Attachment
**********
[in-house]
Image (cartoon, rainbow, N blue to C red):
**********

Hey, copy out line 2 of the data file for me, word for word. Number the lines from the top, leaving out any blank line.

Image (cartoon, rainbow, N blue to C red):